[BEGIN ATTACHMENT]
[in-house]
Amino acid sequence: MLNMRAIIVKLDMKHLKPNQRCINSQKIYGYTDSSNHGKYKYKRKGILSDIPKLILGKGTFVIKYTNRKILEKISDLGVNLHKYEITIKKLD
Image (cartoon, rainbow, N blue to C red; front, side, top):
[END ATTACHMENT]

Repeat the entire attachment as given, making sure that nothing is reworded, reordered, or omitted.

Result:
[in-house]
Amino acid sequence: MLNMRAIIVKLDMKHLKPNQRCINSQKIYGYTDSSNHGKYKYKRKGILSDIPKLILGKGTFVIKYTNRKILEKISDLGVNLHKYEITIKKLD
Image (cartoon, rainbow, N blue to C red; front, side, top):